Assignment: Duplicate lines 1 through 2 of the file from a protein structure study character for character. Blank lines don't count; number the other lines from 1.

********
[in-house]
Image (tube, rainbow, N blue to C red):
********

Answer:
[in-house]
Image (tube, rainbow, N blue to C red):